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Operations Manager Career Guide

What is an operations manager?

An operations manager oversees, directs, and coordinates the internal structure of an enterprise. These professionals are the driving force behind the scenes, making sure that the various parts of the organization work together effectively and efficiently. They primarily ensure that the company is productive, that operations are smooth, and that the business is generating profit.

These managers contribute significantly to a company’s success by defining and implementing operational procedures, monitoring key performance indicators, and setting strategic goals. They liaise between upper management and frontline employees, ensuring communication and alignment across different levels. Essentially, they serve as the operational backbone, aiding decision-making processes and helping steer the company toward its mission and goals.

Duties and responsibilities

Operations managers play a versatile role encompassing a wide range of duties and responsibilities. They are responsible for planning and managing daily operations, improving performance, and ensuring high productivity. This often includes developing operational policies, overseeing budgeting and resource allocation, and managing operational costs to enhance profitability.

A key part of their role is to analyze processes and strategies and then propose and implement improvements. They often monitor and analyze the efficiency of workflows and use that analysis to devise plans for improvement. They also play a role in risk management, identifying potential problems before they occur and implementing solutions to mitigate them.

In many organizations, these professionals are also involved in staff management. They may supervise staff, conduct performance reviews, and participate in hiring and training. They often work closely with the human resources department to ensure the company has the right workforce to achieve its operational goals.

Work environment

Operations managers typically work in an office environment within various industries, including manufacturing, retail, healthcare, and logistics. However, depending on the nature of the organization, they may sometimes need to visit other settings, such as warehouses, production areas, or service centers.

The role often involves coordinating with different departments, such as sales, HR, and finance, which may require them to be mobile and flexible within their working environment. The job can be stressful at times, as it requires balancing many elements and dealing with unforeseen problems. Hence, strong problem-solving skills, decision-making ability, and resilience are key for this position.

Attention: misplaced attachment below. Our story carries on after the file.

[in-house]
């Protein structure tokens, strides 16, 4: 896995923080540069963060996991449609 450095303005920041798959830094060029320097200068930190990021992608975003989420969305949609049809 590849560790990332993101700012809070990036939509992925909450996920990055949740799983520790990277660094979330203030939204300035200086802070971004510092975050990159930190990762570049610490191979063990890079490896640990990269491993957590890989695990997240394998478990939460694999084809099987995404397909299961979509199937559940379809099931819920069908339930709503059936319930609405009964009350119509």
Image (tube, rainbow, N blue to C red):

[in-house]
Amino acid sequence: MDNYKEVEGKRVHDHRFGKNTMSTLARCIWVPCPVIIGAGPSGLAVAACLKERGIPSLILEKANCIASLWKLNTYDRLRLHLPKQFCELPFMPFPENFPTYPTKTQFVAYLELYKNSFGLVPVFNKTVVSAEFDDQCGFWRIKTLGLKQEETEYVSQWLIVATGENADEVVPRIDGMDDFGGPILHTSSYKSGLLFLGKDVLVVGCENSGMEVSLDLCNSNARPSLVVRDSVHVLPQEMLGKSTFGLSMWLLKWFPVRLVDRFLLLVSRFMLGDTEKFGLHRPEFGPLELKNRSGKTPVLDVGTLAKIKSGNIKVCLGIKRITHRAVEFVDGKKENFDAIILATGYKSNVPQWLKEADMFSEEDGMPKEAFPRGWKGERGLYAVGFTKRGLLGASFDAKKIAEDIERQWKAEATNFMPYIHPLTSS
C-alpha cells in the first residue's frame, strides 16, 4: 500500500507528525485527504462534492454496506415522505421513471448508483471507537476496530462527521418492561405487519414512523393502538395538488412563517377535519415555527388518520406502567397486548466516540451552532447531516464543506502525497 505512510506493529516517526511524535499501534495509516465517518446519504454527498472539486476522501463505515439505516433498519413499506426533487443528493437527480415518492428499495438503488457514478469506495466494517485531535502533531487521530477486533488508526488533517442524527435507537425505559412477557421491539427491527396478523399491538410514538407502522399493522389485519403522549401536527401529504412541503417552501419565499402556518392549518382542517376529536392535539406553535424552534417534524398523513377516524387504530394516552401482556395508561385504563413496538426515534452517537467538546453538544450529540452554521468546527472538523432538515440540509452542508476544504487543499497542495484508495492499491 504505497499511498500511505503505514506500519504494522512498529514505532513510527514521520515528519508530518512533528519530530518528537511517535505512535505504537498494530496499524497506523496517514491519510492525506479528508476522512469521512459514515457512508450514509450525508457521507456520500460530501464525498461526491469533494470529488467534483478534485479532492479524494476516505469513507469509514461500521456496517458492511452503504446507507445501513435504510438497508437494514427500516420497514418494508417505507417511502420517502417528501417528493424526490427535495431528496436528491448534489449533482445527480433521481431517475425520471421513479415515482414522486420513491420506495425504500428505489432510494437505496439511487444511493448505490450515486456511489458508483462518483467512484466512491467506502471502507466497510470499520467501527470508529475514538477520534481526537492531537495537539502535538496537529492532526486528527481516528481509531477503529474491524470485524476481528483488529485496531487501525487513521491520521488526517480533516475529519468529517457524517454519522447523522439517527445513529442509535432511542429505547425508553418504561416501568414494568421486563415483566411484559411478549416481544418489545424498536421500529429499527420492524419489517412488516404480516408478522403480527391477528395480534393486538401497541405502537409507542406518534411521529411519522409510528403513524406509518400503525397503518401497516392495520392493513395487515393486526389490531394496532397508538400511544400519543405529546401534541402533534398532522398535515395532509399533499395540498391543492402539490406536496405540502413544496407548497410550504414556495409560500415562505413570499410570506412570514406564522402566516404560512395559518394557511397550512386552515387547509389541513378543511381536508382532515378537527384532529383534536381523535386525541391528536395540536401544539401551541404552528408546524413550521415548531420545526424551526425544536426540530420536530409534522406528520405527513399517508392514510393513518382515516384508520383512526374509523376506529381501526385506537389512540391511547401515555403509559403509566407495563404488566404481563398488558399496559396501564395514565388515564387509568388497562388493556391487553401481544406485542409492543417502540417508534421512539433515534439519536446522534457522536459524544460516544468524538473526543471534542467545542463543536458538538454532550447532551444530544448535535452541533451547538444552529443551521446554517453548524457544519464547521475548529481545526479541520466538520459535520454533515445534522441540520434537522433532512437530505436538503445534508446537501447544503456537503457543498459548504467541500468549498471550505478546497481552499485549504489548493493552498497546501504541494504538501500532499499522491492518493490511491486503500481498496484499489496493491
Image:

Typical work hours

The work hours for an operations manager generally conform to regular business hours, typically 40 hours per week from Monday to Friday. However, due to the nature of their role and responsibilities, they may often need to put in extra hours or be on call to deal with emergencies or critical issues. The job may sometimes require working on weekends or evenings, especially when close supervision of specific projects or operations is required.

How to become an operations manager

This career guide section outlines the process of becoming an operations manager. The path to this job typically involves a combination of education, experience, and the development of key skills.

Step 1: Receive a bachelor’s degree

The educational foundation typically begins with a bachelor’s degree. Although the field of study can vary, degrees in business administration, finance, or operations management are often preferred by employers. Over the course of a four-year program, students will learn about management principles, basic finance, marketing, and other aspects of business that are critical to this managerial role.

Step 2: Gain work experience

After completing a bachelor’s degree, it’s important to gain work experience. Entry-level positions in fields like business, finance, or operations will provide hands-on experience and insight into the day-to-day operations of a business. Over several years, this experience should enable you to develop strong leadership abilities, an understanding of business activities and operations, and a mastery of problem-solving strategies.

Step 3: Earn a master’s degree (optional)

Some professionals choose to further their education by earning a master’s degree, usually an MBA. While it’s not always required, a graduate degree can offer advanced training in business strategy, management, accounting, and other areas that could be beneficial. Additionally, having a master’s degree may make you a more attractive candidate for promotion or more competitive positions.

Step 4: Obtain certifications